Jesus went up the mountain and summoned those he wanted, and they came to him. He appointed twelve, whom he also named apostles, to be with him, to send them out to preach and to have authority to drive out demons. ~ Mark 3:13-15 (CSB)
Jesus dealt with large crowds with love and compassion, but his main focus wasn’t on the crowds. Jesus’ aim was to grow his kingdom people, faithful to him, and he has been doing that throughout the ages as countless millions have come to follow him. But he started this endeavor by devoting the majority of his attention to twelve men (one of which would betray him, so eleven faithful men).
Now this might seem unusual. If you want to reach the crowds, wouldn’t you focus on the crowds? That might seem like the way to go, but from what we see with Jesus, the key to reaching many is to focus most intensely on a few.
Jesus worked to train up eleven who, after three years, he would release to go into the world and make more disciples of him.
In The Master Plan of Evangelism, Robert Coleman wrote:
“[Jesus’] concern was not with programs to reach the multitudes, but with men whom the multitudes would follow. Remarkable as it may seem, Jesus started to gather these men before he ever organized an evangelistic campaign or even preached a sermon in public…
“Jesus devoted most of his remaining life on earth to these few disciples. He literally staked his whole ministry on them.”
The principle in working with a few to reach a multitude is the principle of multiplication. If a few faithful persons spend time sharing Jesus with and training a few faithful persons who then go and spend time sharing Jesus with and training a few faithful persons, the results begin to compound.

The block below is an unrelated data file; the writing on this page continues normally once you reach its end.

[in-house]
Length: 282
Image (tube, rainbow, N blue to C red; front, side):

What if one person were to invest three years in just three other people, teaching them about Jesus and his word and how to live faithful to Jesus, and then send each of these out to do the same while he/she picks up three more people to invest in?
At the start, you would have just one trained disciple-maker. At the end of year 3, you would have four. At the end of year 6, you would have sixteen; and at the end of year 9, fifty-two. These numbers don’t seem impressive, but if you keep going, after 21 years, you have 16,384; and after 27 years, 262,144; and then in 48 years that number jumps to 4.29 billion. (1)
In other words, a few devoted to reaching a few can change the world in a generation.
Paul understood this as well, which is why he told Timothy as a church leader to entrust the gospel “to faithful men who will be able to teach others also” (2 Timothy 2:2).
Real life rarely works according to formulas, and no person can force another to be saved. Salvation through Jesus comes only by the work of the Holy Spirit through the message of the gospel. But if we set our sights on multiplication, like Jesus and Paul, to train up a few who can train up a few who can train up a few, then we may very well see the gospel spread in massive ways.
(1) Assuming I have my numbers right…
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